Scrutiny Committee


8 September 2021

Report of:

Economic Development Manager and City Centre Manager

Title of Report:

Tourism Review Recommendations Update


Summary and recommendations

Purpose of report:

An update report on the progress made against recommendations arising from the Tourism Review Group

Key decision:


Cabinet Member:

Cllr Mary Clarkson

Corporate Priority:

Inclusive Economy

Policy Framework:

Economic Development Strategy



Members note and comment on the update






Appendix 1

Action Plan Update

Introduction and background

1.    Cabinet agreed the vast majority of the recommendations that were endorsed by the Scrutiny Committee on May 29th 2019. In the period that followed, officers worked to pursue these recommendations as fully as possible, with areas of notable progress made, despite the major shift in the focus of officer resources bought about by the pandemic. The Update table in Appendix 1 highlights the progress against each of these recommendations since the October 2020 update, and should be referred to alongside this report for a full update.

COVID-19 and the Visitor Economy

2.    The COVID-19 Pandemic has dramatically affected the Visitor economy and reduced city footfall from workers and residents, as well as international tourists. Footfall dropped around 39% year on year and was at the time of the October report 52.9% down for the year to date[1], reflecting Oxford’s reliance on workers, students and of course, tourists. Further restrictions through the autumn of 2020 and into this year have further impacted, with additional significant spells of closure for the majority of our businesses and continuing footfall reductions. The Council response has been wide-ranging including facilitating grant and relief support, much of it targeted specifically at visitor economy sectors. The October update to this group suggested that it is expected the economy will take at least three years to recover lost ground[2] with of 4-7 years to full recovery of demand the global tourism economy[3]. This is a significant challenge for a city where 15% of employment is visitor economy related.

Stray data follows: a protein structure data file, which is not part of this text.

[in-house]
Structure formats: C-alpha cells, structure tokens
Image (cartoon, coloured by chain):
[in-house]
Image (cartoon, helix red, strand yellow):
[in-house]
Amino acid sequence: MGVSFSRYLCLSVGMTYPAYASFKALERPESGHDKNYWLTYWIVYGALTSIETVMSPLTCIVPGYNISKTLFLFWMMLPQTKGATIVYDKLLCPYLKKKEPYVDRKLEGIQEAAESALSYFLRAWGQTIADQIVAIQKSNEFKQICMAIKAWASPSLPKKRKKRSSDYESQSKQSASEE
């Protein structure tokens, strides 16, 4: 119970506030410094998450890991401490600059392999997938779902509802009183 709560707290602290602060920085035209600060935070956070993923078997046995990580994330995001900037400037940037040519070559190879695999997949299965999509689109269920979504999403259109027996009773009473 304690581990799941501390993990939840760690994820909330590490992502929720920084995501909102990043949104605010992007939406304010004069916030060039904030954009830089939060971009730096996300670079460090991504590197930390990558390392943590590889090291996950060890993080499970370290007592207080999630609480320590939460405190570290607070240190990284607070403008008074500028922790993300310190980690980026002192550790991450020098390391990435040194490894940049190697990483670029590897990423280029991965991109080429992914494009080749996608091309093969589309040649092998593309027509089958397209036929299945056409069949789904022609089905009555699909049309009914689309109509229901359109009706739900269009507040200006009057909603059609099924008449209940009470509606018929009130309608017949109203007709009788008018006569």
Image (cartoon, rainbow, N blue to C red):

3.    Oxford retains inherent destination strengths. Oxford City Centre will continue to provide an important location for recreation, heritage, creativity and the arts, benefiting the population of the city and its wider hinterland, as well as attracting tourists to the city. As such the importance of the Visitor Economy is recognised in the emerging Oxford Economic Strategy and City Centre Action Plan (due for draft publication and consultation later in 2021). A priority for these strategies will be recovering and rebuilding Oxford’s Visitor Economy.

4.    While Oxford is already a global tourist destination, more will need to be done to capture longer stays and offer greater diversity of activity to aid recovery and long-term visitor growth. A key part of this will focus on boosting diversity of uses, and in turn resilience of economic activity in the city centre (e.g. Science and technology, creative and cultural, community and residential activity), which will boost worker and resident visits, as well as those of tourists.

5.    It should be noted that since March, the City-wide and city centre response and then recovery activity has also fully utilised officer resource across the council. As such, progress of the longer-term planning around the Economic Development Strategy and also the City Centre Action Plan has been delayed to 2021. Inevitably, the Pandemic has shifted the focus - from one of demand management and increasing the value of visits - to a focus on supporting and restarting the visitor economy, following an abrupt halt in demand. By May / June 2021 the city centre was starting to see a slow return of visitor numbers, but at nothing like the levels of previous years. It has also been evident that the type of visitor has been different, to summarise being more local / regional visitors than those from further afield / abroad. This has also impacted on the duration of stays, the days visited and the spend profile, so much so that a particular sector of city centre business community is continuing to report challenging economic circumstances, when a number of others are recovering more quickly.